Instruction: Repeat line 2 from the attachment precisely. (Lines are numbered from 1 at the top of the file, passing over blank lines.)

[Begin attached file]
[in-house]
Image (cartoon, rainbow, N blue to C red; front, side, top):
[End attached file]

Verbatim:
Image (cartoon, rainbow, N blue to C red; front, side, top):